Omega-3 fatty acid-rich fish oil supplementation prevents rosiglitazone-induced osteopenia in aging mice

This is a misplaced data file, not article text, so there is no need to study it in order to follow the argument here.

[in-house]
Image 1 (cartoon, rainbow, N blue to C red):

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Rosiglitazone is an effective insulin-sensitizer, however, associated with bone loss mainly due to increased bone resorption, and bone marrow adiposity, and decreased bone formation. We investigated the effect of the co-administration of fish oil (FO) rich in omega-3 fatty acids (FAs) on rosiglitazone (RSG)-induced bone loss in aging C57BL/6 mice and the mechanisms underlying potential preventive effect. Mice fed the iso-caloric diet supplemented with fish oil exhibited significantly higher levels of bone density in different regions compared to the other groups. In the same cohort of mice, reduced activity of COX-2, enhanced activity of alkaline phosphatase, lower levels of cathepsin k, PPAR-?, and pro-inflammatory cytokines, and a higher level of anti-inflammatory cytokines were observed. Moreover, fish oil restored rosiglitazone-induced down-regulation of osteoblast differentiation and up-regulation of adipocyte differentiation in C3H10T1/2 cells and inhibited the up-regulation of osteoclast differentiation of RANKL-treated RAW264.7 cells. We finally tested our hypothesis on human Mesenchymal Stromal Cells (MSCs) differentiated to osteocytes and adipocytes confirming the beneficial effect of docosahexaenoic acid (DHA) omega-3 FA during treatment with rosiglitazone, through the down-regulation of adipogenic genes, such as adipsin and FABP4 along the PPARg/FABP4 axis, and reducing the capability of osteocytes to switch toward adipogenesis. Our findings demonstrate that fish oil may prevent rosiglitazone-induced bone loss by inhibiting inflammation, osteoclastogenesis, and adipogenesis and by enhancing osteogenesis in the bone microenvironment. Further clinical studies will be undertaken to establish this treatment regimen for the successful treatment of diabetic patients with rosiglitazone without adverse side effects on bone.